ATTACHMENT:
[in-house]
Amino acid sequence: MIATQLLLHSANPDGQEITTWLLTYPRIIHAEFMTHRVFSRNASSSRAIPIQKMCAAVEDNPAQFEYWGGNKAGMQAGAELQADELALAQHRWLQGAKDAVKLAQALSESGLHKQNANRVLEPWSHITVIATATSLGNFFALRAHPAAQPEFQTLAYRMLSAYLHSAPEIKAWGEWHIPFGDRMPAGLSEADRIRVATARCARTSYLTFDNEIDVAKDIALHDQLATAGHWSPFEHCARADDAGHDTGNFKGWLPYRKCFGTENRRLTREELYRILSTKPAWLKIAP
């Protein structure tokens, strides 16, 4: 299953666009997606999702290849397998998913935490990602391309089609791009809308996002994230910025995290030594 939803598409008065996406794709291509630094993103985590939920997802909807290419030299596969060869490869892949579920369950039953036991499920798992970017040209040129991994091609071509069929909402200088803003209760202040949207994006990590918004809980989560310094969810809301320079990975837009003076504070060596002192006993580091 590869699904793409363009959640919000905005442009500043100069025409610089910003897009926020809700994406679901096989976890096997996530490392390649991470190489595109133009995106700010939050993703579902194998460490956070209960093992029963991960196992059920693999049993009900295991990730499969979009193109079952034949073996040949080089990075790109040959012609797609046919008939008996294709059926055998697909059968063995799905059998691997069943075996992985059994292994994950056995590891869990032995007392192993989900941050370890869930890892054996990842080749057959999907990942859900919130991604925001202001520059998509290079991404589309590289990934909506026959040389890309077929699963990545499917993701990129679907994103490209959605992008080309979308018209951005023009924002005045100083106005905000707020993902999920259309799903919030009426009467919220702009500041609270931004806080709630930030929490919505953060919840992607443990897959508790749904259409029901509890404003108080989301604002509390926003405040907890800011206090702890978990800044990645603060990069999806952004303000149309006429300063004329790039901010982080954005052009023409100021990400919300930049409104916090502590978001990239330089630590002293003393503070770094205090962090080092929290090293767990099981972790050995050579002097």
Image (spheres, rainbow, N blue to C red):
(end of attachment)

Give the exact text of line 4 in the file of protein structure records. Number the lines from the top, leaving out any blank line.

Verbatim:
Image (spheres, rainbow, N blue to C red):